In my work as a family physician in inner city Toronto, I witness how living in poverty harms a patient’s health. More important than my own observations are the words of people with lived experience, such as Mike Creek, who has described poverty as corrosive and more difficult to beat than cancer.
First, poverty means being unable to pay for basic items — the necessary ingredients for our bodies to function — including adequate food, safe housing, clothes and medications for health conditions. Second, poverty means constantly worrying. Will there be enough for rent, for transit, for school supplies for the kids? And it means constantly making tough decisions about what to pay for amongst a number of competing demands. Should I pay for my medications, or save that money for rent, and take my medications only part of the time? This constant calculus is stressful, and we now understand that such stress is likely toxic to our minds and bodies. This is particularly the case for children who grow up in poverty, whose brains are still developing. Third, poverty can be incredibly socially isolating. Often people cannot engage in activities such as meeting friends and relatives for a meal or a movie, and hence lose the supports and contacts that we all rely on. These processes work together to result in worse health.
Despite our universal health care system and other social safety nets, the health of Canadians living in poverty is significantly worse than those better off. In Toronto, a recent report found that men in the lowest income group are 50% more likely to die prematurely than those in the highest income group. In Hamilton, the Code Red project found a staggering 21-year difference in life expectancy between the wealthiest and poorest parts of the city. Statistics Canada has reported that if every Canadian were to experience the mortality rates of the wealthiest 20%, there would be 40,000 fewer deaths per year. Not surprisingly, living in poverty can increase the chance that someone will require many more health services, leading to higher health care costs. And household food insecurity — which is tightly linked to a family’s income — is also a predictor of health care use and costs.
All of this has led health providers to join in action against poverty. This has included educating ourselves about the poverty-health link and developing tools for use in clinical practice. At St. Michael’s Hospital, providers in our family health team may screen patients, asking if they have difficulty making ends meet at the end of the month. We have hired staff to specifically help patients with their income security. This can mean identifying benefits and grants that a patient is entitled to, helping to file taxes, working through a budget, and addressing financial literacy. We are rigorously evaluating the impact of this and other initiatives to address the social determinants of health.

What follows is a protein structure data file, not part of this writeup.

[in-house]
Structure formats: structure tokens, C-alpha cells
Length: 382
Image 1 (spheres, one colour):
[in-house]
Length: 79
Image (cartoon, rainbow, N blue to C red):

Despite the innovative nature of such work, we recognize its limits. Far more powerful would be a basic income guarantee (BIG) that would ensure everyone was lifted out of poverty. This is an idea that is being explored in Finland, The Netherlands and here in Canada. Ontario’s public health units and almost 200 of Ontario’s physicians have written to the provincial government, urging its leaders to support a landmark trial of basic income.
Eliminating senior’s poverty seemed utopian before Old Age Security and the Guaranteed Income Supplement were introduced. And in the last decade, the number of children living in poverty has been reduced through federal and provincial benefits. Working age adults are the missing link. A basic income could dramatically reduce poverty in Canadian families, as well as improve health and reduce health services costs. This is a discussion that has rapidly moved from the fringe to the mainstream. Let’s build on this momentum.
Andrew Pinto is a family physician, public health specialist, and scientist at St. Michael’s Hospital in Toronto. He is active on twitter @AndrewDPinto.